Houston ISD Voters Reject Recapture Referendum

Last week, Houston ISD voters rejected the referendum that would have allowed the district to send local property tax revenue to the State through recapture, also known as Robin Hood.  Texas state law contains provisions that require districts to equalize property wealth by paying recapture to the state. If taxpayers in a district are unwilling to submit that recapture payment, then the Texas Education Agency is authorized to redistribute property taxes through consolidation or the removal of property from the district’s tax rolls and assignment to another district.

The Texas School Coalition released the following statement:

We understand the frustration felt by Houston voters, as our districts have struggled with the same predicament and challenge of sending local property tax revenue to the state without the ability to maintain the resources necessary to serve local students.

Since Robin Hood began in 1993, school districts have collectively sent $20 billion in local property tax revenue to the State of Texas.  What began as a system with 34 districts required to pay $127 million in order to equalize funding statewide, has now grown to include 250 districts that collectively send more than $2 billion to the state each year.

That burden has grown too great for taxpayers and schools, and the idea of equity is no longer fulfilled by this unfair tax redistribution system.  Houston voters expressed just this sentiment when asked to send more than 10% of their local Maintenance & Operations (M&O) tax revenue to the state instead of using those dollars to serve a student population of which 76 percent are economically disadvantaged and 29 percent are English Language Learners (ELL).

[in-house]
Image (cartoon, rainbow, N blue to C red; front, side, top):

Houston is not alone in its frustrations:

  • Austin ISD is expected to send more than $406 million – more than 35 percent of their M&O collections – to the state this year in spite of a student population that is 57 percent economically disadvantaged and 28 percent ELL.
  • Cotulla ISD serves an 85 percent economically disadvantaged student population while sending 79 percent of their M&O collections to state coffers.
  • Houston’s neighbor Galveston ISD currently sends 28 percent of local M&O collections to the state even though 74 percent of their students are economically disadvantaged and 17 percent are English Language Learners.

What began as a mechanism to equalize funding between districts that were outliers in the overall system of finance has become a major source of revenue, and with each additional dollar raised in local property taxes in these districts, the state’s share of the responsibility to fund public education declines accordingly.

It is difficult for taxpayers to understand that even when they pay an increased amount in school property taxes, their school district does not have increased revenue to spend on their students.  In reality, increased local property values mean increased recapture for the state.

The voters in Houston exercised their right to voice the frustration felt by all districts in the state required to pay recapture.  We hope the Texas Legislature will act, taking steps to remedy our broken system of school finance in a manner that is best for our students, schools, and taxpayers.

Click here to download a printable version of this statement.

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